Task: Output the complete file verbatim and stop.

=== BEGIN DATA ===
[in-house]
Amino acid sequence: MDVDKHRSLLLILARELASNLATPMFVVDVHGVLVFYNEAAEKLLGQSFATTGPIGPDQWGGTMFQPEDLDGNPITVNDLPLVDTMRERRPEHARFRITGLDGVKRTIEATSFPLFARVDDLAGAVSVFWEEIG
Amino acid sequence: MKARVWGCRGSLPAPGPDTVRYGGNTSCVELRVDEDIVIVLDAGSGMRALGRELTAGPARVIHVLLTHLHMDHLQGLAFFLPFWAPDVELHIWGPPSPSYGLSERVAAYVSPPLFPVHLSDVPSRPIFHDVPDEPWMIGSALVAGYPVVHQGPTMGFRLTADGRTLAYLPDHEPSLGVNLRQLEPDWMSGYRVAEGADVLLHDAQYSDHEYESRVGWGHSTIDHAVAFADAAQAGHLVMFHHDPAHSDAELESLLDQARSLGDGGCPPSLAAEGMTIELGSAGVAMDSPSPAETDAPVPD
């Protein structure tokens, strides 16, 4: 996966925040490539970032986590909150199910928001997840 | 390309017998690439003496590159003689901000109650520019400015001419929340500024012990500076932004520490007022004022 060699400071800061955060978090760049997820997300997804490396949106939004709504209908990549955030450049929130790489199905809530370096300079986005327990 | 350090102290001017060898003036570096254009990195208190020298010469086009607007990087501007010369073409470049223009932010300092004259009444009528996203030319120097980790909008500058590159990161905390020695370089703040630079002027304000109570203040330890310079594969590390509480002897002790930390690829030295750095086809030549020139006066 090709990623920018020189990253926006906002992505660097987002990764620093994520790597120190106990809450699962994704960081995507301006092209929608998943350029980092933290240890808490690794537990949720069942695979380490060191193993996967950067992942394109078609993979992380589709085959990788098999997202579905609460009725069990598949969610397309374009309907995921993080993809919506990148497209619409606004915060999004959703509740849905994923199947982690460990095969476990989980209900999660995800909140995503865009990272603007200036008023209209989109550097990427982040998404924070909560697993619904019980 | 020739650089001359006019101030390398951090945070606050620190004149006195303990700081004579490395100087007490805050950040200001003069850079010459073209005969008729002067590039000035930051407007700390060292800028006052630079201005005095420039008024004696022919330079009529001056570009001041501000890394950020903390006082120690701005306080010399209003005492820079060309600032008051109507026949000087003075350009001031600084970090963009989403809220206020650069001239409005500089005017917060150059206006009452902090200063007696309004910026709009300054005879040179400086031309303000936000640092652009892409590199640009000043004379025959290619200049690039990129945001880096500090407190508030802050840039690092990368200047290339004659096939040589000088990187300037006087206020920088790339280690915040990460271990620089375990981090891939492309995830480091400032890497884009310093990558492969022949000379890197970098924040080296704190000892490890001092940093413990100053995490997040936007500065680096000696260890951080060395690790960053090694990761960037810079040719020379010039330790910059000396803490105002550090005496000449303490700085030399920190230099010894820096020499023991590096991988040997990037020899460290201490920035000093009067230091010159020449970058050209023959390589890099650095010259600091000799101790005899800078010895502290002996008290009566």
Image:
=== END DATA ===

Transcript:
[in-house]
Amino acid sequence: MDVDKHRSLLLILARELASNLATPMFVVDVHGVLVFYNEAAEKLLGQSFATTGPIGPDQWGGTMFQPEDLDGNPITVNDLPLVDTMRERRPEHARFRITGLDGVKRTIEATSFPLFARVDDLAGAVSVFWEEIG
Amino acid sequence: MKARVWGCRGSLPAPGPDTVRYGGNTSCVELRVDEDIVIVLDAGSGMRALGRELTAGPARVIHVLLTHLHMDHLQGLAFFLPFWAPDVELHIWGPPSPSYGLSERVAAYVSPPLFPVHLSDVPSRPIFHDVPDEPWMIGSALVAGYPVVHQGPTMGFRLTADGRTLAYLPDHEPSLGVNLRQLEPDWMSGYRVAEGADVLLHDAQYSDHEYESRVGWGHSTIDHAVAFADAAQAGHLVMFHHDPAHSDAELESLLDQARSLGDGGCPPSLAAEGMTIELGSAGVAMDSPSPAETDAPVPD
């Protein structure tokens, strides 16, 4: 996966925040490539970032986590909150199910928001997840 | 390309017998690439003496590159003689901000109650520019400015001419929340500024012990500076932004520490007022004022 060699400071800061955060978090760049997820997300997804490396949106939004709504209908990549955030450049929130790489199905809530370096300079986005327990 | 350090102290001017060898003036570096254009990195208190020298010469086009607007990087501007010369073409470049223009932010300092004259009444009528996203030319120097980790909008500058590159990161905390020695370089703040630079002027304000109570203040330890310079594969590390509480002897002790930390690829030295750095086809030549020139006066 090709990623920018020189990253926006906002992505660097987002990764620093994520790597120190106990809450699962994704960081995507301006092209929608998943350029980092933290240890808490690794537990949720069942695979380490060191193993996967950067992942394109078609993979992380589709085959990788098999997202579905609460009725069990598949969610397309374009309907995921993080993809919506990148497209619409606004915060999004959703509740849905994923199947982690460990095969476990989980209900999660995800909140995503865009990272603007200036008023209209989109550097990427982040998404924070909560697993619904019980 | 020739650089001359006019101030390398951090945070606050620190004149006195303990700081004579490395100087007490805050950040200001003069850079010459073209005969008729002067590039000035930051407007700390060292800028006052630079201005005095420039008024004696022919330079009529001056570009001041501000890394950020903390006082120690701005306080010399209003005492820079060309600032008051109507026949000087003075350009001031600084970090963009989403809220206020650069001239409005500089005017917060150059206006009452902090200063007696309004910026709009300054005879040179400086031309303000936000640092652009892409590199640009000043004379025959290619200049690039990129945001880096500090407190508030802050840039690092990368200047290339004659096939040589000088990187300037006087206020920088790339280690915040990460271990620089375990981090891939492309995830480091400032890497884009310093990558492969022949000379890197970098924040080296704190000892490890001092940093413990100053995490997040936007500065680096000696260890951080060395690790960053090694990761960037810079040719020379010039330790910059000396803490105002550090005496000449303490700085030399920190230099010894820096020499023991590096991988040997990037020899460290201490920035000093009067230091010159020449970058050209023959390589890099650095010259600091000799101790005899800078010895502290002996008290009566």
Image: